Q. How do I make a moss terrarium?
Thank you for your question about moss gardening. If kept indoors, terrariums with moss require more light than you might realize: bright light but not direct sun. They definitely need a fair amount of relatively strong, natural light, or more regular artificial light from fluorescent or LED grow lights.
Indoors, a large terrarium featuring moss should be kept reasonably close to a window. Humidity is important. Enclosed in a terrarium with a top (bell jar, or tightly covered cookie jar) is one way to grow it. But, air exchange is needed also, by removing the cover occasionally, or leaving a space between the lid and container can help.
Moss from a moss farm where it has been nursery grown and propagated is the best moss for successful growing. There are tropical mosses, selaginella, occasionally called club mosses or spike mosses. Your moss may go dormant btw; but possibly can be used as a propagation material to grow more moss, unusual but can be done.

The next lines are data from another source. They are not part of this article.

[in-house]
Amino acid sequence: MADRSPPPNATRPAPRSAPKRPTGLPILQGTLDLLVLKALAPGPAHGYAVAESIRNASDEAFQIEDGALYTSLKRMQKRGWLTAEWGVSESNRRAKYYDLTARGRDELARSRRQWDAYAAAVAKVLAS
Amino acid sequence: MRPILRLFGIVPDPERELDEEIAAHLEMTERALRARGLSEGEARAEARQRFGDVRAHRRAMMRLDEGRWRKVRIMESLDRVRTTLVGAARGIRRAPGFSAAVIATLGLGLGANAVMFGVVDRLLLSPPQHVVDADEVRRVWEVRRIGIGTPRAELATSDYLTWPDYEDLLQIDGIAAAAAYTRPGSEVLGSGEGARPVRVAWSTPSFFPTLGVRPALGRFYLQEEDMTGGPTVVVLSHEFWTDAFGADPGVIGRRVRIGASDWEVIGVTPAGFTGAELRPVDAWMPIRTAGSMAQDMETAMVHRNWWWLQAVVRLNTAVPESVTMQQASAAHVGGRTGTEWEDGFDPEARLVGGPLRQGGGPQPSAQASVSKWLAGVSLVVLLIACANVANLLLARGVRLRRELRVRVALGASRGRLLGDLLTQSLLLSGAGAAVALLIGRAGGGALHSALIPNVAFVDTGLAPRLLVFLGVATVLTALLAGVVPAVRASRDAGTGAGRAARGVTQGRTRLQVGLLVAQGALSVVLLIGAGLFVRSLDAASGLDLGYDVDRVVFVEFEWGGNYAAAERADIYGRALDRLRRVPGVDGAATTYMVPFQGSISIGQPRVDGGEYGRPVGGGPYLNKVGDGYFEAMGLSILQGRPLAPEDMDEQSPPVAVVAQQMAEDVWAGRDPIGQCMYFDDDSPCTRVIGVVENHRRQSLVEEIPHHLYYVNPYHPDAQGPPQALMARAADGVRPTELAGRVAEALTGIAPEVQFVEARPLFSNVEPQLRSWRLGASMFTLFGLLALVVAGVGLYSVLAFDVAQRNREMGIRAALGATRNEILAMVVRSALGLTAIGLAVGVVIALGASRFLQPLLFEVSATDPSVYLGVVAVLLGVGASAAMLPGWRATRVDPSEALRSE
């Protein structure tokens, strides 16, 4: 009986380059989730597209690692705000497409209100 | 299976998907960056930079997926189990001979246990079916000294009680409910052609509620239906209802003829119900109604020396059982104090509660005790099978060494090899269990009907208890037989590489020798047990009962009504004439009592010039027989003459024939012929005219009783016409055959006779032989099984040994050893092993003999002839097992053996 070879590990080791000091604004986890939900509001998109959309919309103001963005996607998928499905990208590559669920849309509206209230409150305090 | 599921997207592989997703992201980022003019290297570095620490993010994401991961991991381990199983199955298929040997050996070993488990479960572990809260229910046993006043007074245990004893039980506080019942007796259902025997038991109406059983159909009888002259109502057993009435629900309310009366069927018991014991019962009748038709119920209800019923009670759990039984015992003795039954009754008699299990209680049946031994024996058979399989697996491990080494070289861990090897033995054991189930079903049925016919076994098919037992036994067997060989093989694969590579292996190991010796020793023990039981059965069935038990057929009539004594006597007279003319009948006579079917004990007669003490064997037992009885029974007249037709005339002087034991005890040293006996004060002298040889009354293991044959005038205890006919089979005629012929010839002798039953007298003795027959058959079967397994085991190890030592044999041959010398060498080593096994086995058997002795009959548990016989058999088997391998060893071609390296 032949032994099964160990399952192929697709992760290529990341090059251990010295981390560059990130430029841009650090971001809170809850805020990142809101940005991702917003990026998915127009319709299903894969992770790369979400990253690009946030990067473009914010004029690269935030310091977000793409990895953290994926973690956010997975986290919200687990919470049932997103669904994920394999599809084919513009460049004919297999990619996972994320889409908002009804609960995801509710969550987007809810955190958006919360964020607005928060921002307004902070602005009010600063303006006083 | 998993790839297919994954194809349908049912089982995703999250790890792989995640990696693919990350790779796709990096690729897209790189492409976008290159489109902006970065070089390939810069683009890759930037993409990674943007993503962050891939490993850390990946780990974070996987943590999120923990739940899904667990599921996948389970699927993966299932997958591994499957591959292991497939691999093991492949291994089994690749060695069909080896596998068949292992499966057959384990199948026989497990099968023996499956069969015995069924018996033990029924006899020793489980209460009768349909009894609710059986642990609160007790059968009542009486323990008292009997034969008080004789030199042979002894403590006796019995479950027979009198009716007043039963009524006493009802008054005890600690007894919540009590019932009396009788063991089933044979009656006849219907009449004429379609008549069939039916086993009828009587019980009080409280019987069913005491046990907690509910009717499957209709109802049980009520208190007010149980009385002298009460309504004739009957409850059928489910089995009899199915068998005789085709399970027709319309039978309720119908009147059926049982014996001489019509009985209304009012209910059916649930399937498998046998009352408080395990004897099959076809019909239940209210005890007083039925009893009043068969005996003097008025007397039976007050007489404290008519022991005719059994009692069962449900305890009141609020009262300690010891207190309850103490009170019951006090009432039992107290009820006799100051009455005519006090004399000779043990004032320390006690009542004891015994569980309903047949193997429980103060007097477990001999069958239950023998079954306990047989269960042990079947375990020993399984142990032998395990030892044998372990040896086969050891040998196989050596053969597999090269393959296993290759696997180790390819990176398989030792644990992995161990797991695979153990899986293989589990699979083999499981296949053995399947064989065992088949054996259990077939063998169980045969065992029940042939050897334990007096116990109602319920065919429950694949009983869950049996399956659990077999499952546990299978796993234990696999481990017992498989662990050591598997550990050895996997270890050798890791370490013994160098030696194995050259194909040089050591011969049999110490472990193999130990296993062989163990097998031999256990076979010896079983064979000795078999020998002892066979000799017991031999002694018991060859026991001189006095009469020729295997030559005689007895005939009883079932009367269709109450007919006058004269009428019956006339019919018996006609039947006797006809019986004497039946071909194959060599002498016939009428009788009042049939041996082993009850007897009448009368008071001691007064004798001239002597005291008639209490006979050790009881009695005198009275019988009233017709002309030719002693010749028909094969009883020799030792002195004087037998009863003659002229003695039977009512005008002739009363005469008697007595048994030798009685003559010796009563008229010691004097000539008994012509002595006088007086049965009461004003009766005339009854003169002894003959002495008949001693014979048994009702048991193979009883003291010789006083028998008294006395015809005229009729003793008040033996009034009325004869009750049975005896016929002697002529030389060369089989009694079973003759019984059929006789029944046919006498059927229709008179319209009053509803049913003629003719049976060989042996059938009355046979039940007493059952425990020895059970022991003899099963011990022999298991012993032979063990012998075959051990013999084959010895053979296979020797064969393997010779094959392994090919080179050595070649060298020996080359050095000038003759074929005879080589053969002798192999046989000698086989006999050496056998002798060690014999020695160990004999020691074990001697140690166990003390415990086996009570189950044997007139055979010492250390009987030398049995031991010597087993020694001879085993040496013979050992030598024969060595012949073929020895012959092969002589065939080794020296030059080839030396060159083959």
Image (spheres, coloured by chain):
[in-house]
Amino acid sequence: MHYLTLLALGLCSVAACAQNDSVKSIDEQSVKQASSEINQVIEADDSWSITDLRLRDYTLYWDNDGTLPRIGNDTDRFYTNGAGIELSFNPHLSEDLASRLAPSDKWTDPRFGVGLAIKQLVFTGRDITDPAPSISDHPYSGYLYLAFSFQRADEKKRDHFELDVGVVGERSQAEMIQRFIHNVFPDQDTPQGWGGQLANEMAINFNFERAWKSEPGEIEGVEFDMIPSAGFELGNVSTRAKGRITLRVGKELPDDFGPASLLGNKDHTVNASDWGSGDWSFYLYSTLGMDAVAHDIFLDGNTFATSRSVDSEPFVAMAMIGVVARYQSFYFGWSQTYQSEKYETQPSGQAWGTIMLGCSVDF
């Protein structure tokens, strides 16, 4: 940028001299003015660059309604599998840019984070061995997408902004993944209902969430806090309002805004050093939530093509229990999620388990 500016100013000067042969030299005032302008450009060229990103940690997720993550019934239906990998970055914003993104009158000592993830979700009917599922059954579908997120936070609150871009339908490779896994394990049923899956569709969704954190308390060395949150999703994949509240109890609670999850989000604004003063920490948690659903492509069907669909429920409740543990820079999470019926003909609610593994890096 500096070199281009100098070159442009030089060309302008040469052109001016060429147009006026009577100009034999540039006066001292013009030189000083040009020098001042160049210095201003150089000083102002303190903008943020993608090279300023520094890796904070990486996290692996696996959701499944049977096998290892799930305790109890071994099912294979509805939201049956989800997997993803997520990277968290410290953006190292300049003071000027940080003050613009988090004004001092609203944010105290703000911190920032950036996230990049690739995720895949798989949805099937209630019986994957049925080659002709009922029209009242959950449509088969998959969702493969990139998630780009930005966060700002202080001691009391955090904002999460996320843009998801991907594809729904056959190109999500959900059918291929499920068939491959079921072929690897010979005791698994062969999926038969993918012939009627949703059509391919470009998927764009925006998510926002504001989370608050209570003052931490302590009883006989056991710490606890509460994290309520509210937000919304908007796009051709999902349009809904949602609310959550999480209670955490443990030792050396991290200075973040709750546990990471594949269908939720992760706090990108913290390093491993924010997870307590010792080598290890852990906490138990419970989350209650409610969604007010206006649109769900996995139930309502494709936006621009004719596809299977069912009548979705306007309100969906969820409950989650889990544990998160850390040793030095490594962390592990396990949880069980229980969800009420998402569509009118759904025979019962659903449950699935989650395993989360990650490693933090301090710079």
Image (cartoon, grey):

So it sounds like this is not the easiest garden to keep going forever, here’s more: http://www.mossandstonegardens.com/blog/one-tall-dish-baby/
What’s needed for the glass container terrarium garden:
Start with about an inch of gravel. 1/8-inch crushed type (from fish store). Sprinkle charcoal over the gravel to keep soil sweet. Add soil mixture, a couple of inches. Note: make sure the clumps of moss are pressed firmly into wet soil on top to make a good bond - moss does not do well with air space between it and the soil. Mosses prefer growing on firmly packed acidic soils with a pH between 5.0 and 5.5.
Courtesy of NYBG Plant Information Service